Massachusetts – On July 11, the Massachusetts Senate suspended its rules and approved Senate Bill 2994 (which was previously SB 1322, opposed by AKC).  The bill originally sought to address injuries and deaths at dog daycare facilities, but would have negatively impacted individual dog owners, as it included restrictions on the right to own and keep dogs; and made broad, significant changes to state law that would result in duplicative license requirements. Senate Bill 2994 also removes protections in current law for owners of personal kennels.   As such, most owners of personal kennels would be subject to municipal licensing and regulations, including inspections of home-based kennels.  The bill also removes the recognition in current law of keeping dogs for personal, non-commercial use.  AKC GR issued an alert urging residents to contact the House of Representatives to express opposition.   

Massachusetts  SB 2397 would prohibit the misrepresentation of a service animal. AKC GR submitted testimony in support to the Joint Committee on Veterans and Federal Affairs for the public hearing. The bill was reported favorably by committee and referred to the committee on Senate Ways and Means.

Massachusetts  The Joint Committee on Environment, Natural Resources and Agriculture heard testimony on three bills to protect research animals, allowing adoption after health examination upon retiring from research activities. AKC GR supported HB 901 and HB 966, but noted that definitions for animal shelter and rescue in the bill were inconsistent with current law. The committee advanced the bill favorably. HB 901 passed the House and has been sent to the Senate Rules Committee for consideration. 

Massachusetts SB 551 would create an advisory board, with a shelter and rescue coordinator serving as chair, to oversee various functions of the Massachusetts Department of Agricultural Resources. AKC GR expressed concerns to the Joint Committee on Environment, Natural Resources and Agriculture, noting that a formal advisory board with permanent members chaired by a shelter and rescue coordinator is not necessary for the state agency to function effectively. The bill advanced favorably from committee and is in the Senate Rules Committee waiting for placement on the Senate calendar.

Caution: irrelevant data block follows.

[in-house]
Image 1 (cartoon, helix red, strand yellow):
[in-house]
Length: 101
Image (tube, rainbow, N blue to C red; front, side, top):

Massachusetts  SB 2672 was released favorably by the Joint Judiciary Committee as a re-write of nine bills. AKC GR issued an alert summarizing before testifying at the May 19, 2021, public hearing.  The bill would insert domestic animals and livestock into the civil fine structure for lack of adequate shelter or sanitation for dogs. Civil fines collected would be forwarded to the Homeless Fund that provides money for ACO training and the state spay/neuter program. It also provides the court with great latitude in deciding how long the offender will be prohibited from owning animals, including exceptions if an offender can prove they are capable of caring for animals or have sought required counseling.  AKC GR is monitoring this bill.